Down Syndrome Awareness Month Was a Bust. Now What?

posted Thursday November 2nd, 2017



Down Syndrome Awareness Month was a bust this year. For Sophie and me, anyway.

Okay, that’s not exactly true. In a lot of ways, October was a terrific month, particularly when it came to educating others about Down syndrome. I got a piece published on the New York Times parenting site, and I traveled to California to speak to several English composition classes at Taft College. The month was bookended by two performances by Detour Company Theatre, the musical theater troupe Sophie is a part of; she traveled to Tucson and Tempe to perform in “Beauty and the Beast.”

And a letter I wrote on my blog to to the teachers, staff, and students at Sophie’s high school got great response — shared all over Facebook and republished on The Mighty, a high-profile site devoted to issues surrounding disability.

But Down Syndrome Awareness Month was a bust because as far as I can tell, no one who mattered — no one at her high school — read the letter. (You can read it here.)

I emailed it each of her teachers, the principal and the district superintendent. I Xeroxed copies for Sophie to hand out to classmates. It’s possible, I suppose, that someone associated with the school has actually read it, but not a single person has said so.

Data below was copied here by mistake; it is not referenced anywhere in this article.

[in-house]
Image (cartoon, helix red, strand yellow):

I had high hopes. The principal (I really like her) was kind enough to call to let me know she’d received it and that the public information officer for the district was going to send it not just to staff at Sophie’s high school, but to everyone in the district.

A few days later, I received a note from the PIO. (I really like her, too — our paths crossed years ago when she had another job and I was delighted to learn she was working for the district where Sophie attends school.)

She wrote:

“I didn’t end up sending the blog out to all of our staff. I am SO SORRY. I love the writing but I explored your site and some of your blogs use one of my favorite words – the one that starts with f and ends with k. I would be read the riot act if a teacher found that and I had sent it via the district newsletter.”

I get that. That’s why I Xeroxed the letter itself separately for Sophie to hand out. The note continued:

“However, I did write this about you and another mom that I recently interacted with and included it in my staff newsletter. xoxox”

This is what she wrote:

[IN] my World

As the parent of 23-year old daughter, I struggle with my role in her life. I still want to protect and teach as I did when she was little, but being the parent of a young adult requires that I limit these actions. So, when I recently interacted with two parents in our district who reminded me of an important role that a parent must play, I took this experience to heart. Their passionate efforts to advocate on behalf of their children reminded me of the advocacy role required of all parents, no matter the age of the child. I have already used their example to be a better parent to my 23-year old. And, the next time I take a call from an upset parent, advocating on behalf of their child, I will use my experience with Lorie and Amy to also be a better public school employee.